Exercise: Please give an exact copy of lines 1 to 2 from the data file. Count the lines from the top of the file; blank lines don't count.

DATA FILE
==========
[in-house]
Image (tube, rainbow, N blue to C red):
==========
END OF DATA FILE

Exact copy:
[in-house]
Image (tube, rainbow, N blue to C red):